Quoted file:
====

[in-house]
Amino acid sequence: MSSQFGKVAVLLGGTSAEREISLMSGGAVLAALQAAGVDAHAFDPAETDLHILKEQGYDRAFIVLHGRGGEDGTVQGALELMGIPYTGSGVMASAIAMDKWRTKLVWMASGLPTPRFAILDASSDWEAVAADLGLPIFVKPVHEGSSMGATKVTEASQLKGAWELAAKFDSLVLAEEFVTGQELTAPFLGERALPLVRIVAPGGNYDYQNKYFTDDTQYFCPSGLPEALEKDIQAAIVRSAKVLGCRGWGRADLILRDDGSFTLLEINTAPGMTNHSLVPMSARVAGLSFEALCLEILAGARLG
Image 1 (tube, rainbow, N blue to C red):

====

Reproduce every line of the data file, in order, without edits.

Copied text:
[in-house]
Amino acid sequence: MSSQFGKVAVLLGGTSAEREISLMSGGAVLAALQAAGVDAHAFDPAETDLHILKEQGYDRAFIVLHGRGGEDGTVQGALELMGIPYTGSGVMASAIAMDKWRTKLVWMASGLPTPRFAILDASSDWEAVAADLGLPIFVKPVHEGSSMGATKVTEASQLKGAWELAAKFDSLVLAEEFVTGQELTAPFLGERALPLVRIVAPGGNYDYQNKYFTDDTQYFCPSGLPEALEKDIQAAIVRSAKVLGCRGWGRADLILRDDGSFTLLEINTAPGMTNHSLVPMSARVAGLSFEALCLEILAGARLG
Image 1 (tube, rainbow, N blue to C red):